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Abstract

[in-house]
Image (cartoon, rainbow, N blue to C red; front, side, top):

Researchers studying the economics of information security have traditionally focused on the use of rational choice decision models for evaluating investment alternatives. Security investment decisions involve risk, and several researchers have noted that risk-related decisions often violate the fundamental principles of rational choice decision models. This study tests the prevailing presumption in published research that information security investment decisions are made in an entirely rational manner. We empirically validated our hypothesis that information security investment decision makers in fact exhibit preference reversals when faced with competing budget alternatives involving risk. Specifically, we observed the framing effect under prospect theory, which suggests that individuals exhibit unique risk attitudes when evaluating gain-related and loss-related risk decisions. Accordingly, we argue that existing, widely accepted rational choice and economic models for information security investments need to be supplemented with risk perception measurement and account for individual level decision biases.

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